The greatest benefit of participating in a clinical trial is the opportunity to access innovative medications and treatment plans before they are approved for general use. For some people, these treatments may significantly improve quality of life, help manage disease long-term, provide a break from chemo, or help them reach their other goals. If you are a stage IV patient, you will likely have to make options for yourself, and clinical trials can be a key part of your treatment plan.
In addition, clinical trials may include testing, surveillance and monitoring beyond standard-of-care, as well as long-term follow-up with trial researchers. You are also helping researchers learn how to better treat your disease, helping future patients just like you.
Clinical trial treatments have not been tested for safety and efficacy the same way that standard-of-care treatments have. That doesn’t mean that they are dangerous — this means that the risks associated with participating in a trial are unknown, and may include unpleasant, unwanted, or in rare cases, life-threatening side effects.
Depending on where the trial is located, participating in a trial may also involve a greater commitment to traveling. You may also have more monitoring appointments (scans, blood draws, and other monitoring tests). You should think about how these requirements fit into your life and your goals.
The most important drawback is the risk that the trial drug or treatment will not work very well for you or may not work at all. If the main reason you sign up for a trial is in hopes that the treatment will make your tumors stop growing, then the fact that they may not stop growing is the biggest risk. With standard-of-care chemo, we already know that a vast majority of people will have some response to treatment. However, it is also important to remember that standard-of-care treatment may not work well for you either.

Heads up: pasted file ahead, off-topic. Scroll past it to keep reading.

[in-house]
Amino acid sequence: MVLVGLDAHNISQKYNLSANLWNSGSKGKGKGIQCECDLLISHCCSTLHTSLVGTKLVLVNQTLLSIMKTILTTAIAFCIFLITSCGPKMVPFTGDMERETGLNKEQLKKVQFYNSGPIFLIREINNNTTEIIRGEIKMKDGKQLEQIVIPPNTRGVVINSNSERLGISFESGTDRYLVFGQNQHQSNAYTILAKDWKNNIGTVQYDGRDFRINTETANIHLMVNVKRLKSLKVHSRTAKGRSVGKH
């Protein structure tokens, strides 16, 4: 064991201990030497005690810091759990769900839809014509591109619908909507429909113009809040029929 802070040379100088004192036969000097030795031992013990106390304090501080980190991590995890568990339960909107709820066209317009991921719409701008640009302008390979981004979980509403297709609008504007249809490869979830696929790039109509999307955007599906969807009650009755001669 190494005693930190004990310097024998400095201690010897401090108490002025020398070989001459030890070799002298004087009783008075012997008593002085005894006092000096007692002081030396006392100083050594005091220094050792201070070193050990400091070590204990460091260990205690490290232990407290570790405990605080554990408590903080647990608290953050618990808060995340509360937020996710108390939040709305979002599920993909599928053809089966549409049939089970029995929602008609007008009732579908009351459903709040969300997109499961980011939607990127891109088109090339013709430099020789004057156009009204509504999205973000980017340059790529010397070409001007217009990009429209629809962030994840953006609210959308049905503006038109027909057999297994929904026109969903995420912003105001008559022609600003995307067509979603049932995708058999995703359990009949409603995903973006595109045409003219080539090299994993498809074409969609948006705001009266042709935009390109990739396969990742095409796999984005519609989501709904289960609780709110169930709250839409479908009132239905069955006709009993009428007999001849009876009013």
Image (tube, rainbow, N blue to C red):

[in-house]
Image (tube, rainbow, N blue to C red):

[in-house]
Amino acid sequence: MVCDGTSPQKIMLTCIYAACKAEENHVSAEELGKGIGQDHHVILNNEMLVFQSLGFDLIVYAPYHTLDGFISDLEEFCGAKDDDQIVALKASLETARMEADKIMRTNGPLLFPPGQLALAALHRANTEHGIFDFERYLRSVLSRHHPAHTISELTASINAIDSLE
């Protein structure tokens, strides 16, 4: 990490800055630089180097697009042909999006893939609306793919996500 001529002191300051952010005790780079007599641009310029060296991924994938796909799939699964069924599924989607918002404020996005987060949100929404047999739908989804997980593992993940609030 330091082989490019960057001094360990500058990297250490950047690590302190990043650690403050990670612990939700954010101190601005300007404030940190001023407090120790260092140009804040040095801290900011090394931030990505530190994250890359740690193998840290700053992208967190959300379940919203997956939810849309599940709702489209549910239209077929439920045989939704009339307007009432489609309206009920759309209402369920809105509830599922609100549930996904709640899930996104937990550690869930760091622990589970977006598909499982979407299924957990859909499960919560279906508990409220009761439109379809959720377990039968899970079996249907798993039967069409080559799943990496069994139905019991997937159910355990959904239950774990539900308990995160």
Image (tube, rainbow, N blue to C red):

Depending on the type of trial, enrolling in some trials can disqualify you from future trials. Before enrolling in a trial, it’s very important that you make sure you understand all the potential risks involved, and what the research team is doing to help mitigate those risks. For questions to ask before deciding to participate in a trial, see our list of questions here.
In general, patients do not have to pay out of pocket to participate in a clinical trial. The trial sponsor will usually cover all costs directly related to the trial. These costs include the trial drug or treatment, extra doctor’s visits associated with the trial, diagnostic tests, and monitoring scans directly related to the trial, but this can vary from trial to trial. Make sure to discuss this topic with the trial coordinator before you start.
However, patients will often be expected to pay for costs related to their regular cancer treatment. These costs could include routine blood tests, scans, imaging and doctor’s visits. Luckily, these things should be covered by your insurance — although you will have to continue to meet your regular deductibles and co-pays. It’s important to note that costs covered by insurance will adhere to your plan’s benefits. So if a trial site is out-of-network, it will be billed to you as out-of network.
If your clinical trial requires traveling, you may have additional expenses. Depending on how far you have to travel, how frequently your appointments are, and how much time you need to spend at the trial site, costs can add up.